Gardening Airdrie

In Full Bloom

Every street has a house with a picture-perfect garden full of blossoms that don’t seem to fade like most flowerbeds do.

For those without green thumbs, creating and maintaining well-manicured flower, herb and vegetable beds may seem impossible, but according to Simone Garossino – owner of Prairie Tough Farms, which specializes in locally grown cut flowers, plants and herbs – with a little planning and preparation, anyone can have the prairie garden of their dreams.

For Garossino, who grew up gardening in Germany and now works her magic on a farm northwest of Airdrie, achieving a garden with all-season colour at an affordable price is possible even in our tough Chinook growing region.

“It is about choosing the right types of flowers,” says Garossino. She notes building the garden around hardy perennials—with varying heights, colours and bloom times—is a cost-effective and proven method to ensure a summer full of blooms.

Garossino’s cut-flower garden, which she uses for her subscription bouquets, typically begins blooming early with tulips, daffodils and alliums offering a burst of early-season colour that is tough to beat.

Although these bulbs are planted in autumn, they come in a variety of colours and sizes and are nearly maintenance free. Many are perennial and will even naturalize, meaning you can expect bulbs to increase every year, according to Garossino.

For an early summer showstopper, Garossino gravitates toward peonies, explaining although the shrub-like flowers with huge blossoms can cost around $30 per plant, the initial investment is worth it as they can live 30 or more years and produce hundreds of blooms.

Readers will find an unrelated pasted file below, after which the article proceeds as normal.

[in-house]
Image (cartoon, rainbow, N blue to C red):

In fact, these hardy perennials can often be found in abandoned farmyards blooming happily away against the backdrop of crumbling foundations. Little effort is needed to maintain the beauty of peonies, although Garossino advises city gardeners to cut the spent blossoms of peonies when they are done flowering as “they can look a bit messy.”

Her perennial favourites also include poppies, which come in many shapes and colours, and campanula, or bluebell-like flowers, which come in many heights and colours such as blue, pink, white and mauve.

Yarrows complete Garossino’s list of recommended perennials. She often pairs these fall-blooming flowers with sedum of varying sizes for fall colour and winter interest.

Garossino suggests using annuals to fill missing spots in flowerbeds.

For a cost-effective alternative to bedding plants purchased at the greenhouse, she advises direct seeding of beds with prolific bloomers such as bachelor buttons (which are one of the few flowers that come in a coveted blue hue) and cosmos.

Both of these flowers come in a wide variety of colours and, if you trim the spent blooms, will continue to bloom well into the fall, she says.

Hollyhocks are also lovely tall biennials that readily reseed themselves.

“You can pick a spot and let them do their thing,” says Garossino.

Whatever type of garden for which you yearn, some pre-planning can go a long way.

According to Garossino, if you choose plants of varying height, colour and bloom time; mulch with untreated bark chips (but not cedar as it inhibits growth) and grass clippings; and use plenty of organic material, such as compost, sheep manure and worm castings, you too can have a low-maintenance garden that is the envy of the neighbourhood.

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